Upper Twin Lake
Well I guess it’s official, summer has once more come and gone. I’m back in school juggling classes and work so no adventurous outings for awhile.
As I previously posted though I did have a final trip this Labor Day weekend. I once more loaded the backpack/tent and all my caving gear onto the motorcycle and headed up to the Kaiser wilderness.
Near Kaiser pass
I stopped at the Ranger station near Huntington Lake and learning there were limited permits available I signed up for a fifteen person permit. I tried calling Ron to let him know that I had a permit but there was no signal, so I headed to the trail head and after stashing my food in one of the bear boxes there I backtracked to Shaver lake so I could call and let Ron know I had a permit. Back at the trail head I set up camp and called it a night. I got up early the next morning and after making coffee on my camp stove hiked up a nearby hill to enjoy the view. I spent the rest of the day hiking along the trail and talking to some other hikers I spotted entering the wilderness. Since they were exiting the next day though they wouldn’t effect our permit. I returned to the trail head and once more set up camp.While cooking dinner I noted cows wandering nearby and my curiosity got the better of me so I investigated where they were heading and found a nearby spring that had a fixed pipe coming out of it. This makes it a convenient place to fill up water before heading out on the trail but definitely requires filtering /treatment.
That night people began rolling in but since I was warm in my sleeping bag and tent I didn’t bother to investigate how many had arrived till the next morning. After a leisurely breakfast I packed up my gear and wandered over to where others were beginning to gather. Turned out we had 31 people! The person who had said they’d pick up a wilderness permit didn’t show so we were short. Fortunately two or three people had hiked over from the eastern Sierras so they would continue on their on wilderness permit, one person had picked up a permit for himself and the rest agreed to hike for the day and then return to Sample Meadow Campground so it worked out ok.
30 people (I’m not in there, someone had to take the picture)
We split up into three groups roughly based on who was interested in visiting what caves, hiking speed and or whether they would be camping in the wilderness and off we went.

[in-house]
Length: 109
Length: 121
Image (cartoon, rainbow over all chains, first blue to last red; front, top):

and still more wildflowers
In spite it being so late in a very dry summer at this altitude there was still plenty of wildflowers and while I did notice the first stream we reached was dry most had at least some water in them.
The day war,ed up quickly and the trail got a bit steep but fortunately it wasn’t a long hike and soon enough it was time to put down our packs and check out some caves.
Limestone, wonder if there’s a cave nearby?
This hole goes somewhere…
Stephen in the cave.
Emerging from one of the caves we got our first view of a Marmot on this trip as one was sunning itself on the rocks overlooking the cave.
After visiting a couple of caves those of us who were camping overnight made our way over by the lake where we found a good spot to set up our tents. We then had a good time gathered in the center of our ‘camp’ preparing dinner and chit catting about a wide variety of subjects. It got cold pretty quickly after dark though so most of us headed for our tents fairly soon after the sun went down.
Getting up the next morning I was admiring the warm sun rising above the trees when Jessica asked if I’d seen the lake yet this morning? I hurried over and admired it’s beautiful mirror like surface before taking a few pictures.
mirror smooth lake
Then after breakfast it was back to caving.
Thin rock proves translucent
As a special treat we spotted a cave cricket on the way out so I stopped to photograph it.
All to soon it was time to start packing things up and beginning the hike back to civilization.
I hated to leave but after four days of camping a hot shower and my own bed sounded pretty good.
Goodbye Marmot, See you next year.